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Hoffmann, R. A wiki for the life sciences where authorship matters. Nature Genetics (2008)

Somatostatin induces translocation of the beta-adrenergic receptor kinase and desensitizes somatostatin receptors in S49 lymphoma cells.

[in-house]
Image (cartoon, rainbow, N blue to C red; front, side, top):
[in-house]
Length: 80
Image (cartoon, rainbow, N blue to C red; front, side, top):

The beta-adrenergic receptor kinase is a cytosolic enzyme that specifically phosphorylates the agonist-occupied form of the beta-adrenergic receptor (beta AR). Beta AR kinase appears to be translocated from the cytosol to the plasma membrane when kin- S49 lymphoma cells are incubated with either beta-adrenergic agonists or prostaglandin E1, both of which act through receptors which stimulate adenylate cyclase. We report here that brief (approximately 20 min) exposure of wild type S49 lymphoma cells to somatostatin (which inhibits adenylate cyclase) promotes the translocation of beta AR kinase to an extent comparable to that observed in the presence of the beta agonist isoproterenol or prostaglandin E1. Beta AR kinase activity can be measured using either beta AR or rhodopsin, the retinal receptor for light, as a substrate. The translocation process triggered by somatostatin is rapid, reversible, and is associated with somatostatin receptor desensitization. The latter is apparent as an attenuation of the inhibition by somatostatin of forskolin- stimulated adenylate cyclase activity in membranes of S49 cells preincubated in the presence of the peptide. These results strongly suggest that beta AR kinase is able to phosphorylate and desensitize both stimulatory and inhibitory adenylate cyclase-coupled receptors, thus emerging as a general kinase that regulates the function of different receptors in an agonist-specific fashion.[1]


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